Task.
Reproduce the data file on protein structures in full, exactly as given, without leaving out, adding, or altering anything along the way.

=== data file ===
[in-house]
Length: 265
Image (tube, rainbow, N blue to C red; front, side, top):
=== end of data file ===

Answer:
[in-house]
Length: 265
Image (tube, rainbow, N blue to C red; front, side, top):